WE’LL FIGHT THEM ON THE BEACHES!
BRIGHTON have been lambasted by their Non-League neighbours after admitting they tried to prevent them changing their name.
National League South Whitehawk, who took Dagenham & Redbridge to a replay in the FA Cup second round last month, have played in the south coast city for 70 years.
The Hawks have again announced they intend to play under the name of Brighton City next term, more than three years after suddenly pulling the plug on a similar idea.
Albion chief executive Paul Barber has confirmed to The FLP that the Championship club are attempting to stop them from doing it.
Whitehawk, in response, say the Seagulls reasoning is not because the new name would be too similar and could cause confusion but because they refuse to accept another side with Brighton in their name.
The Football League club will continue to put pressure on the Football Association to stop them re-branding.
Whitehawk, however, have told Brighton to prepare for a fight, and chairman John Summers said: “We will keep plugging away with this until people listen.
“We tried a few years ago but the FA said no. We have now done what’s required to make it happen but another club still has a problem.
“Brighton & Hove Albion, it seems, believe they own the name of the city and brand, which is frustrating, but we’re not going away.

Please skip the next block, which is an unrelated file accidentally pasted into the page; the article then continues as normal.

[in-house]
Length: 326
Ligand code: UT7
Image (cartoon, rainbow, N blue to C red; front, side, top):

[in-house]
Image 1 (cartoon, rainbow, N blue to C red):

“They don’t own the city and they can’t tell us what we can and cannot do.
“It’s our city, too, and we’re not going to let them tell us any different. We wish them every success, but as an ex-fan of theirs I have seen they have tried to block every proposal we put forward.
“We’ve got a job on our hands, but we have played in Brighton for 70 years. This is our city as well as theirs.
“There is Manchester United and Manchester City, Bristol City and Bristol Rovers – even Oxford United and Oxford City. Nobody can tell me this isn’t acceptable.
“Are we trying to rival Brighton? Of course we’re not. We have actually spent more time in the city than they have, if you add up the years they were in exile. We won’t be dictated to.”
Brighton chief executive Paul Barber confirmed: “We are happy for the matter to remain private and to be dealt with by the FA.”
The Hawks must battle their own fans, too, after they reacted with anger at the name change proposal.
“We would have expected an amount of common decency towards those who support the club week in, week out,” a statement from fans’ group, the Whitehawk Ultras, read. “Despite sticking up for our chairmen year after year, when we receive torrents of abuse for the way our club is being run, we have been left in the cold.”
BATTLE FORBRIGHTON: A Whitehawk fan with the club mascot while, inset, Danny Mills celebrates his FA Cup strike against Dagenham and Brighton chief executive Paul Barber